David Blunkett, the Secretary of State for Education, and the Chief Schools Inspector, Chris Woodhead, will announce the appointment of an independent arbitrator, fulfilling a pledge made last year in the education White Paper.
The move will be welcomed by teachers' leaders and critics of Ofsted, who have complained about a "reign of terror" being conducted in schools.
But sources at Ofsted were quick to make it clear that the new complaints procedure will not be a "court of appeal" over judgements in inspection reports. "This will not be an opportunity for a school to seek to change a judgement that it is failing to deliver an acceptable standard of education," they said.
Ofsted said that there were a "tiny" number of complaints about inspectors - either allegations about their conduct, or complaints that judgements were not based on evidence.
They were taken very seriously, the sources said. Inspectors were required to abide by a code of conduct - which included an insistence that judgements about schools were based on evidence, not "ideological baggage".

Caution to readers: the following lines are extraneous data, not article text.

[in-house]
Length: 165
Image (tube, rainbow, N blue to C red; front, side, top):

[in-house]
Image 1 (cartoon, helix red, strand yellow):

Schools with complaints about the conduct of inspections were encouraged first to take them up with the registered inspector leading the inspection team, or the contractor which employed them.
Most were resolved by "sensible communication" at an early stage. If this proved impossible, complaints were dealt with by Ofsted officials.
The new arbitrator would offer a further, independent complaint mechanism.Reuse content